By measuring several targets in a single reaction, multiplex assays enable users to conserve precious sample volume and to save time, reagents and costs. In addition, as all targets are amplified and measured in the same reaction, multiplexing improves quantification precision by reducing pipetting errors that contribute to sample and reagent variations when performing separate single-plex reactions. Multiplexing in Crystal Digital PCR™ is as sensitive and accurate as single-plexing. Careful assay design and assay optimization steps help realize the more complex reaction composition, containing a high number of primers and probes for the amplification of several DNA targets in a single PCR reaction. The Crystal Miner software is an open data analysis software that provides intuitive tools to help optimize and troubleshoot multiplex assays. This Technical Note provides straightforward guidelines to facilitate multiplex assay design using the naica® system.
Guidelines for experimentally evaluating primer and probe performance:
Stilla® recommends using the naica® multiplex PCR MIX, which is specially formulated for optimal multiplexed Crystal Digital PCR™ performance.
- It is imperative to start with a Crystal Digital PCR™ run of the individual reaction composition in the single plex format first. Each primer/probe/target requires a performance verification in the less complex reaction mix before proceeding to multiplexing. For example, for a 3-plex assay, three individual single-plex reactions should first be performed on control nucleic acid target templates before combining the reagents in a multiplex reaction. When performing a single-plex reaction, a single positive population is expected.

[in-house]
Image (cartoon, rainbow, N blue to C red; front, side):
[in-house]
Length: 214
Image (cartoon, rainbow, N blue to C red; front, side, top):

- For optimized multiplex assay performance, it is important to consider the final sample matrix and composition (e.g., short fragmented DNA for assay design targeting circulating cell-free DNA, more intact DNA fragments for assay design targeting genomic DNA). The DNA template used should be devoid of contaminants and potential inhibitors. Synthetic oligos can be used as templates for assay optimization if final sample material is rare or not readily available.
- A range of elongation temperatures should be evaluated for each single-plex reaction to determine the optimal reaction temperature at which there is good separability between positive and negative populations, without non-specific amplification (Figure 1). The Stilla® separability score provided by Crystal Miner software (Figure 2) should be used as a metric to determine the optimal elongation temperature common to all probes. If the single-plex reaction is not well optimized, a second distinct amplified population may be apparent due to, for example, undesired probe interactions. In addition, non-specific amplification can result from one of several unoptimized parameters, including primer/probe dimers or primer/probe non-specificity. In this case, various methods can be employed to limit the amplification of non-specific sequences, such as increasing the annealing temperature, performing a touchdown PCR or redesigning primer sequences. It is important to evaluate the primer and probe interactions using adapted in silico tools before testing the reagents in vitro………Read More
To learn more about digital PCR, please visit Stilla Technologies’ Learning Center at www.gene-pi.com